Budapest is a wonderful city with plenty to do at different times of year. In the early summer, we walked for miles soaking up the architecture and visited a very rickety Eastern European theme park with a wooden rollercoaster. In the winter, we wrapped up very warm, and also walked for miles. This time, however, there was the Christmas market to explore, and for those arriving a week later than we did, the largest frozen lake in Europe to skate on. I was gutted to miss that as I love ice skating.

As a city, Budapest isn't particularly famous for its food, aside from its two main exports - paprika and goulash. But that's not to say there aren't some gems there. We visited four restaurants in our time there. One incredible, one good and homely, one bad and one where words fail me. I'll start with the bad.

Vendeglo a Zsakbamacskahoz
Lovag utca 3, Budapest

We were recommended this by the hotel we were staying in, and contrary to several highly complementary reviews on Tripadvisor, it wasn't an entirely positive experience.

The ambiance was pleasant, with a couple of other large parties present in this cavernous cellar restaurant, and both the wines we ordered were excellent. However, things went downhill from this point. The menu was classic Hungarian, which was what we had set out to eat that night, and at first glance looked promising, if not a little dated.

We eventually managed to order after trying to catch the waiter's eye for a good 40 minutes (2 bottles of wine down at this point) - not normally a problem, except that it wasn't busy and they weren't doing anything. As it was already late, we decided to forfeit getting a starter. I ordered a spinach and ricotta stuffed chicken with garlic pasta, as did my sister. My uncle and aunt ordered duck with mushrooms, and my mother and other aunt ordered the pike perch.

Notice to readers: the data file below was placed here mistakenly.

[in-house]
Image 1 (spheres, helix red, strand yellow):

A further 45 minutes after ordering (and a further bottle of wine sunk), our food finally arrived. My mother said her pike perch was virtually inedible, and my uncle and aunt commented that the duck was rather dry and flavourless. My chicken was similarly dry, and the "garlic pasta" was in fact, spagetti in tomato sauce with very little garlic to speak of. Edible, but very disappointing. It took us a further 40 minutes after asking for the bill for it to arrive. 

Vendeglo a Zsakbamacskahoz is not a restaurant I'd go back to however good the wine was, as both the food and service was lacking. Luckily, our party were full of celebratory spirit so it failed to dampen the mood.


Meal - 6/10 - dated menu and poor service. Nice wine though
Cost - around £20 a head for a main course with (lots of) wine


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Vörös Ördög Étterem
Orszaghaz utca 20, Budapest

This was a pleasant surprise, and proof that you shouldn't always go into the first restaurant you see. I'm not normally one to eat in the "tourist-y" parts of town, but we were hungry and having eyed up the restaurant across the street, we decided to try our luck with this place. The name literally means "red devil restaurant", and when you see the cellar (which is only open in winter as it has a lovely courtyard) you can see why. There are red devils everywhere!